Here is some advice on giving a talk by Ulle Endriss. Most things you need to consider before giving any kind of presentation are mentioned, so it's helpful to read even if you might not end up implementing all his suggestions. Note that some of it is written with conference-style talks in mind, so you can ignore those parts, or save them somewhere in the back of your mind for future endeavors.
When you are in the audience, ask questions! Even if you think they might be stupid (this doubles as a charitable act: you'll help out the person with the same question who is too concerned with looking smart to ask). These presentations are a prime opportunity to get used to interrupting lectures in a friendly environment, and for the presenters to get used to being interrupted. Note that it is obligatory to attend all these presentations.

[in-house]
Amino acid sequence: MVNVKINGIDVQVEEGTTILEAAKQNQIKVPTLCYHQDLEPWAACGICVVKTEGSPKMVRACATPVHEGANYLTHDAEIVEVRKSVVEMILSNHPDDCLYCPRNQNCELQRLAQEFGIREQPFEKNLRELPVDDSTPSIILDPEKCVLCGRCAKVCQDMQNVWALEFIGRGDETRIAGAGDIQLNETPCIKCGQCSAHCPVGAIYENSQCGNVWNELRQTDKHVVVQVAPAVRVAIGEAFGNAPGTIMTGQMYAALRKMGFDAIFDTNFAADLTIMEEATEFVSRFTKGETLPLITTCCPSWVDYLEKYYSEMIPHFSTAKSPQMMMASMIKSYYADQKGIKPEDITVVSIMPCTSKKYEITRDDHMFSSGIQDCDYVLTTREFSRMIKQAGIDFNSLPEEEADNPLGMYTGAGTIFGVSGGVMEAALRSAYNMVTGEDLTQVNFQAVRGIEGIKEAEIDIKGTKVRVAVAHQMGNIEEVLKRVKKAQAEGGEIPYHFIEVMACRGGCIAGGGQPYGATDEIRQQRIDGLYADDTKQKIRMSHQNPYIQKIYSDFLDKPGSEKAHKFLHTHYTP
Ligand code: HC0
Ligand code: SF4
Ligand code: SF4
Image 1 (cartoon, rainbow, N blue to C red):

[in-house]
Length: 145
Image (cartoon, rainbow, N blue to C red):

Here is a simple beamer template for those of you who might want it to make your slides. Feel free to use/create your own or play around with this one to make it more your own style.
In the third week you should all have chosen a paper topic and have started working on your idea. During this week we want to set up meetings with each of you to discuss (and approve) your idea and discuss what you'll focus on going forward. By the end of the second week you should have already thought a bit about a potential topic and have scheduled a meeting with us for either Monday (18th) or Tuesday (19th).